A century-old colonial mansion turned into a boutique stay in Matheran

Do It Up Design has given this British era mansion a facelift by restoring its dilapidated sections and converting it into a beautiful five-room stay in Matheran
stay in Matheran

Nestled inside one of Maharashtra’s most popular hill stations, Matheran, lies a 100-year-old mansion that has been recently revamped to make way for a boutique hotel. Taral Jadhav, architect and founder of Do It Up Design, was tasked with this project by the clients who had this stay in Matheran in their family since 1993, but was lying unused and in a dilapidated state for a decade. 

Vintage chandeliers complement the wooden doors in the passageway.

“When the clients who also own the Alexander Heritage and Rainforest Resort that houses this mansion approached us, they wanted to create a luxury experience for guests that preferred a more sheltered experience than their camping tents, one that was filled with old-world charm. Our goal was to maintain the vintage architecture of the heritage bungalow that was constructed more than a hundred years ago by the British, but give it a modern, eclectic touch,” says Jadhav.

After site inspections, the duo came to an agreement of restoring the mansion in phases. “Phase one of this renovation included the front facade, staircase leading to the five front bedrooms and the verandah. With a tight deadline to capitalise on the Matheran monsoons, we had limited time to turn the property around to be able to open its doors for guests by June 2022,” she reveals.

The verandah retains the original window frames from the century-old mansion.

Renovation challenges

As with any heritage property, there are restrictions as well as challenges that come along the way, and this boutique stay in Matheran was no different. Peeling paint, crumbling walls, broken window panes, sunken flooring are just some of them that the design team had to tackle. “Because this was a family home, not all rooms were en suite so we had to add bathrooms in each for converting it into a boutique hotel. The entire plumbing had to be redone for this purpose. We also had to do the rewiring to add more electrical points. But we ensured that the old structure was uplifted and not torn down with these refurbishing,” adds Jadhav.

Each room features a statement armchair in a corner.

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Something old, something new

Keeping the colonial vibe alive in the architecture, the facade of the mansion was coated with fresh white paint, with original doors and window frames kept intact after a minor polishing job. After levelling up the flooring and adding a railing to the staircase, the heritage mansion’s verandah was revived by placing custom-designed tiles, vintage chandeliers and benches. Photographs showcasing the original structure and its interiors grace the walls of the verandah. The five rooms are adjacent to each other, with the corner-most ones featuring a slanting ceiling. The elegant, muted facade conceals the vibrant interiors that await you in each room.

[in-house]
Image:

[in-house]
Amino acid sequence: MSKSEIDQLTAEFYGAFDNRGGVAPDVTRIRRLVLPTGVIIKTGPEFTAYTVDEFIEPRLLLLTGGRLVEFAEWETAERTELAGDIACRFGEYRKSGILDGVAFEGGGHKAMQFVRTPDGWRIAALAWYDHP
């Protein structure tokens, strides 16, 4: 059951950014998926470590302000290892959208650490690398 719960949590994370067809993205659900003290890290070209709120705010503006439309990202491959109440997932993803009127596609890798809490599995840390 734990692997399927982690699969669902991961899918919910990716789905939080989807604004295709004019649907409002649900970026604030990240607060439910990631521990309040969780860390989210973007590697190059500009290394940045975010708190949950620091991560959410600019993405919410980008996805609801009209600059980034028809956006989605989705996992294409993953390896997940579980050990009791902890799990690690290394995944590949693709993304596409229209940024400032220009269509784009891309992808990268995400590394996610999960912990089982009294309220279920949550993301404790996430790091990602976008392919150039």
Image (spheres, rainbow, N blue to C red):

A cosy nook created for casual lounging and night time reading.

Uniquely-designed rooms

“The best part about working on a boutique stay like this was we could give each room its own signature style. Apart from a few common elements that tie up the design story together, all five rooms are uniquely designed without straying away from the vintage-eclectic theme,” she says.

The royal suite features arches and a high ceiling. 

A royal retreat

The central room is the royal suite that is defined by arches and its high ceiling. The grand, luxe feel is further accentuated with the addition of a large-sized mirror that is aptly placed to give you the entire room’s view. A custom-made four-poster bed is placed in the centre flanked by an ottoman seating ahead, while the other nooks are reserved for more seating and wardrobe on either side. The wallpaper too is custom-designed in-house by the team and consists of peacock motifs in an ash-grey tone. “For this room, we chose oakwood flooring and hues of white, mustard and grey for the overall interior design,” says the architect.

Some rooms have a slanted roof due to the original ceiling design.

In the scarlet chamber, the wainscoting is a pop of deep red, with a panelled floral wallpaper added on the central wall. A dressing console with a stool is reminiscent of vintage movies, adding a hint of old-world glamour. As you move to the Lincoln chamber, the red is replaced by a bold emerald green that washes over the accent wall. Here, the wallpaper is subtle with a leaf motif, and the honey oakwood flooring gives it a rustic look.

Also read: Explore the architectural wonders of The Leela Palace in Jaipur 

The scarlet room follows a red and white colour palette on the walls complemented by an oakwood bed and flooring.

The rooms on both ends are drenched in blue, again in signature wallpaper with dark and walnut brown flooring. Each of the five rooms also feature a statement armchair in different prints, and soft furnishings picked from homegrown brands. “While the structure and windows resemble English architecture, we blended Indian textiles, furniture designs and artefacts within the same space to amalgamate both cultures together,” concludes Jadhav.

The vintage dressing console adds an old-world charm.

The design team has given this heritage mansion a new lease of life by infusing it with vintage-eclectic interiors and retaining its old-world charm.